LONDON—European shares edged higher on Wednesday and U.S. stock futures pointed to a mixed open for Wall Street, as more countries announced restrictions to reduce the spread of the Omicron variant but investors bet that the impact would be limited.
Europe’s STOXX 600 was up 0.1 percent on the day 1232 GMT and the MSCI world equity index, which tracks shares in 50 countries, was up 0.2 percent.
But Wall Street futures were mixed, with S&P 500 e-minis up 0.1 percent but Nasdaq futures in the red.
Germany, Scotland, Ireland, Portugal, the Netherlands, and South Korea are among the countries to have reimposed lockdowns or other restrictions on activity in recent days.
“Despite more reports that European governments are introducing new measures to curb the spread of COVID, market participants already seem to have made up their minds that the threat of the quick advancing Omicron variant is manageable, for now,” wrote Rabobank macro strategists Bas van Geffen and Elwin de Groot in a note to clients.
Little is known about the severity of the Omicron variant. The World Health Organization’s chief scientist said on Monday that it would be “unwise” to conclude from early evidence that Omicron is a milder variant than previous ones.
An Imperial College London study likewise found that the Omicron variant has shown no sign of being milder than the Delta variant.
A South African study suggested reduced risks of hospitalization and severe disease in people infected with the Omicron coronavirus variant versus the Delta one, although the authors said some of that is likely due to high population immunity.
Currency market moves were generally muted as trading slowed before the Christmas holidays. The U.S. dollar index slipped to 96.306, while the euro was up 0.1 percent at $1.13055 as traders became less cautious.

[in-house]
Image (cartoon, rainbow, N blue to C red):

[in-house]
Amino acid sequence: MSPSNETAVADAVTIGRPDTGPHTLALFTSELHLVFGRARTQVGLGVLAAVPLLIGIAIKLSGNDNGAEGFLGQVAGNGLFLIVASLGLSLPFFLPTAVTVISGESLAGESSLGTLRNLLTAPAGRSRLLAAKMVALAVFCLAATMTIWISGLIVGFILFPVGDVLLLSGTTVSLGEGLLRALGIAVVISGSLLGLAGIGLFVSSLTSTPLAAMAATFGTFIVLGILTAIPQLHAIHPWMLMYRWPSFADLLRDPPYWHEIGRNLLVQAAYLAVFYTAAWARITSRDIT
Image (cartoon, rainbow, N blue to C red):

The Australian dollar, which is often seen as a liquid proxy for risk appetite, was up 0.2 percent at $0.7169.
The Turkish currency steadied, following a volatile rebound from record lows last week. A measure of expected volatility had previously jumped to its highest on record.
German Bund yields hit a one-month high as demand for the safe-haven assets waned, while hawkish comments from the European Central Bank also helped.
“It looks like each successive lockdown has been less severe in terms of economic impact than the previous ones. I think that’s partly because there’s been a lot of adaptation in the economy,” said Arnab Das, global market strategist at Invesco.
Das said markets were holding on to that hope this time around as well.
“Maybe the restrictions won’t be as severe, as comprehensive or as long-lasting as in 2020 and 2021,” he added.
European gas prices hit a new record high after a major pipeline for Russian gas coming to Europe switched direction to flow east. Oil prices were steady.
Some Western politicians and industry experts have accused Russia of withholding gas deliveries to Europe amid political tensions over Ukraine, as well as delays in the certification of another pipeline, Nord Stream 2. Russia denies any connection.
Over the Christmas period, investors will be paying attention to any unexpected increase in tensions between Russia and Ukraine, Invesco’s Das said.
Russia rejects Ukrainian and U.S. accusations that it may be preparing an invasion of Ukraine as early as next month by tens of thousands of Russian troops poised within reach of the border.
Elsewhere, cryptocurrencies slipped slightly, with bitcoin down 0.3 percent at $48,802.13, still well below the all-time high of $69,000 hit in November.
By Elizabeth Howcroft